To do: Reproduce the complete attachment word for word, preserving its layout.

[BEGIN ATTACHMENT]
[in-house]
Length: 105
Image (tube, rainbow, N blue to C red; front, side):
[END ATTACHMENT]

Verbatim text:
[in-house]
Length: 105
Image (tube, rainbow, N blue to C red; front, side):